We moved into our house from a 583 square foot apartment. So we only had 583 square feet worth of stuff - a couch, a chair, a small IKEA table, a bed, and a couple of book cases.
The woman that was moving out of our house was moving into an assisted living center and was downsizing considerably. When she asked us if we'd like her to leave some of her furniture, we jumped at the chance.
It wasn't the most beautiful of furniture, but it was functional and it has saved us stacks of cash. A lot of what she left was modular furniture that could be combined into desks, long dressers, cupboards etc. There was lots of it. And it was all a mustard yellow. Not a nice mustard yellow, either, but a really old, dingy mustard yellow.
So a couple months after moving in (when I took on the daunting task of painting the basement) I painted the dressers quickly with what I had on hand. The black and white looked fine, but it never really sang to my soul (like any truly good piece of furniture should).
For the past couple of years we've had an IKEA Expedit shelving unit in our guest room for storage. It wasn't beautiful, but it was functional and it fit the space. But the more I looked at it, the less I liked it. It blocked the sight line from the doorway out the window, making the room feel darker and smaller than it is. It's a small room as it is, so that really wasn't helping.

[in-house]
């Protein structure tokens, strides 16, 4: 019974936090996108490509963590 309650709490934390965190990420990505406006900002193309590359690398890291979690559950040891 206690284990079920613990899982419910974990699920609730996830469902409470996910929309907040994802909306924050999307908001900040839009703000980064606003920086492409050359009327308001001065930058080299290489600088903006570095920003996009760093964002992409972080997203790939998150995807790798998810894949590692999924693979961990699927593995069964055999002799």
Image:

Originally I wanted to purchase a new dresser for the room. Something wood, with maybe more curving lines. I scoured craigslist and the local flea markets, but nothing was really doing it for me. Also, there was some sticker shock involved. Ever since this whole IVF thing entered our lives, I've been feeling pretty cheap with all other aspects of my life. But that's neither here nor there...
After wandering the house trying to find a free solution, I stopped and stared at the modular dresser stored and unused in our basement.
I'd always hated how low and chunky it felt, but an idea finally came to me. A couple weeks earlier I'd fallen in love with a great Eames bachelor dresser at Peg Leg Vintage. The price tag scared me away, but I hadn't been able to stop thinking about it.
So I set out to make my own. Blake and I flipped the dresser over, removed the chunky trim from the bottom, and separated the two pieces. Then, I ordered some Eames hairpin legs from a man on Ebay and screwed them on to the bottom. They're 8-inch legs, so they gave the dresser a bit more height and solved the visual weight problem. I also painted it in Benjamin Moore's Grey Timberwolf (because I already had it on hand).
It feels much lighter now and the low-ness (yes, it's a word) of the dresser allows a lot more sunlight to come in through the window.
And if I know one thing to be true, it's that one garbage find deserves another. I moved up from the basement the mock wingback chair that my mom and I had reupholstered and called it a day.